4. He communicates well.
One thing Oliver and I can do incredibly well is talk. We are both incessant chatter boxes, and from a very early age, I encouraged Oliver to recognise a variety of emotions. As such, he has incredible emotional intelligence and is very aware of his own feelings and those of others. Everyone we meet comments on the quality and confidence of his conversations and his eloquence in talking about life with Harry, like on the interview we did with Special Books by Special Kids.
He will talk openly with me about his feelings, worries and fears. We discuss strategies to deal with the stares, whispers and questions that we get when we are out and about and self-reflect on what went well and what we could have done better when there has been a situation with Harry. In many ways, he talks like a grown up, and I have to remind myself that he is still a child so that I don’t unfairly burden him with the responsibilities of adulthood, but I love that he speaks so freely with me and can express himself so well. You will never hear me dismissing his concerns or telling him to “man up” when it comes to sharing his emotions because I really do believe that good communication is the key to positive mental health and I want my big boy (three minutes older really does matter when you’re a twin) to know that his voice is always valid and valued.
5. He’s incredibly protective.
Without a doubt, Oliver is Harry’s most fierce protector. When they were much younger, Oliver didn’t notice the grimaced faces and pointing fingers, but as the boys got older and he saw it, it used to enrage him. He has asked for permission more than once to punch children who are being mean to his brother, and although my head said, “Sure son, go for it,” I tried to explain why it was more important to educate people than simply punish them for a lack of understanding (and basic manners).
When Harry had his big reconstruction surgeries, Oliver cried that he didn’t want his brother hurt. He still has a real fear (not without good cause but that’s another story) that Harry will escape from the house and run off, so he’s constantly checking the doors to put his mind at rest that the house is secure and his brother is safe.
Oliver talks about what he will do with his life, travelling and having a family of his own one day. But he always reassures me that he’ll be here for Harry. He tells me that looking out for his brother is something he wants to do as much as feels he should. I hope that’s true, as I am sure that even the most heartfelt of intentions can be influenced by some essence of responsibility.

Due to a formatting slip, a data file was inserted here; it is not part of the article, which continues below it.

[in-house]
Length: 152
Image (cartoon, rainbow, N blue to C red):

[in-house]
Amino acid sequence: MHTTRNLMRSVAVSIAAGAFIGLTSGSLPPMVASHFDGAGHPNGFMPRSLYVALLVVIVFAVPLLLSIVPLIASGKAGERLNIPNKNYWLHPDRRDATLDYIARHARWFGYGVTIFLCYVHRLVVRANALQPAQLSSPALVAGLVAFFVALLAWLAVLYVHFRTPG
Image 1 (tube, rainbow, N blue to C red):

For all of these reasons and more, Oliver is the hero of our story. He has grown up with a brother who has never been a friend or a playmate like you see with most twins. For about the first eight years of their life, Harry preferred to play on his own and only just tolerated other children in his personal space. I can’t imagine how Oliver must have felt on the days when he wanted a brother to play with, to moan at or laugh with, to even fall out and make up with.
Although I may not have the life I expected, I have two boys I could have never dreamed of. Harry with his purity of soul, my sunshine boy who radiates love (and mischief) and Oliver, who is wiser and braver than his years, who accepts that our life is different to that of his friends but embraces it regardless. He shows me every day what love means and on the days when I question myself as a mother, when I feel like I’m getting it all wrong, I only have to look at him to know how much I have got right.
In the interview we did with Chris Ulmer, my 12-year-old son explained it better than I’ve ever heard from an adult. He said, “Love is an action. It’s not something you say, it’s something you do.” My boy may not have to perform the action of putting on his cape, but he is a superhero in my eyes and I am beyond proud to be his mum.
Follow this journey at Our Altered Life.